Finding Square of Numbers – Part 1

The study of non-Euclidean Geometry brings nothing to students but fatigue, vanity, arrogance, and imbecility. Non-Euclidean space is the false invention of demons, who gladly furnish the dark understanding of the non-Euclideans with false knowledge. The non-Euclideans, like the ancient sophists, seem unaware that their understandings have become obscured by the promptings of the evil spirits.

Matthew RYAN

Welcome to the blog Math1089 – Mathematics for All.

Glad you came by. I wanted to let you know I appreciate your spending time here at the blog very much. I do appreciate your taking time out of your busy schedule to check out Math1089!

Squaring a number means multiplying that number by itself. For example, 3 × 3 = 9 is the square of 3; 11 × 11 = 121 is the square of 11 etc. This method is available for finding squares in conventional mathematics. But in Vedic mathematics, there are smarter ways available to find the square of specific numbers.

In this blog post, we are going to discuss about the shortcut rule for finding the square of numbers, ending in 5. The trick is very much well-known in Vedic mathematics and useful for various competitive examinations. The rule is commonly known as by one more than the one before.

The rule is given below:

∎ (a) Divide the given number in two parts: (A) one part is the single-digit number (5) and (B) the other part is the number formed by the rest of the digits (this number can be of one, two, three, . . . digit/s).

∎ (b) The answer comes in two parts – RHS and LHS and the final answer looks like (LHS)(RHS), where

(i) RHS is always 52 (= 25), as the number ends in 5;

(ii) LHS is computed by multiplying the number formed by the digits before 5 in the given number by its successor. In other words, we multiply the number obtained in (B) by its next integer.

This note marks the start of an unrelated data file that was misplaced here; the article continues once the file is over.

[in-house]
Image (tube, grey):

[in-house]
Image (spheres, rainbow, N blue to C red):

Example 1. Find the square of 75.

Solution. Let us divide the given number 75 in two parts like

(A) 5 and (B) 7 (a single-digit number and its successor is 8).

Then we have

(i) RHS of 752 = 52 = 25;

(ii) LHS of 752

= (the number formed by the digits before 5 in the given number) × (its successor)

= 7 × 8

= 56.

The final answer is (LHS)(RHS) = 5625.

Example 2. Find the square of 345.

Solution. Let us divide the given number 345 in two parts like

(A) 5 and (B) 34 (a two-digit number and its successor is 35).

Then we have

(i) RHS of 3452 = 52 = 25;

(ii) LHS of 3452

= (the number formed by the digits before 5 in the given number) × (its successor)

= 34 × 35

= 1190.

The final answer is (LHS)(RHS) = 119025.

Example 3. Find the square of 8005.

Solution. Let us divide the given number 8005 in two parts like

(A) 5 and (B) 800 (a three-digit number and its successor is 801).

Then we have

(i) RHS of 80052 = 52 = 25;

(ii) LHS of 80052

= (the number formed by the digits before 5 in the given number) × (its successor)

= 800 × 801

= 640800.

The final answer is (LHS)(RHS) = 64080025.

Find the square of the following numbers:

  • (a) 15          
  • (b) 85          
  • (c) 985        
  • (d) 215        
  • (e) 1015      
  • (f) 2075

Your suggestions are eagerly and respectfully welcome! See you soon with a new mathematics blog that you and I call Math1089 – Mathematics for All!“.

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